- Shared forecasting and planning. When related units share forecasts and plans, they are much more likely to see the same upcoming problems and opportunities.
- Shared database. Requiring the different sub-functions to use (and add to) the same database can dramatically improve understanding and information flow. Requiring all sub-functions to shift to databased decision-making can also improve quality and consistency.
Indicators That Disparate Functions Should Be Integrated
Integrating every function can actually be counterproductive, in that you can end up with a large, unwieldy bureaucracy. Instead, you should carefully select, using predetermined criteria, which activities should be closely integrated. There are several criteria that, when present, indicate that related sub-functions should be integrated.
Those criteria include:
- Customer expectations. The first criteria for determining when functions should be integrated is whether the customer or user expects “a continuous process.” For example, when asked, hiring managers universally agreed that the requisition, recruiting, hiring, and onboarding processes should all be integrated. Candidates would also agree that it’s frustrating to be continually “handed off” to a different function throughout the process of becoming an employee. What this means is that whenever the customer expects “a seamless process,” senior managers need to work to provide that integrated process.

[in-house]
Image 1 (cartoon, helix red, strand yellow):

- Significant “handoff” errors. When poorly coordinated functions “handoff” a user to the next step or function in the process, there is a markedly increased chance of errors occurring during the transition. If errors are costly, the inter-functional communication must be nearly perfect (like at the handoff point between the recruiter and the compensation offer specialist, where miscommunication can lead to extremely low offers that have no chance of acceptance). Independent functions with different terminologies and unique acronyms can dramatically increase misunderstandings. Formal integration certainly improves communications and makes handoffs smoother because a single manager oversees the inter-related functions.
- Significant inter-dependencies. If the output of any particular sub-function is highly dependent on the quality of the inputs from the function that precedes them in the process, they are dependent. For example, sourcers depend heavily on accurate position descriptions that outline all criteria that will be used to screen candidates.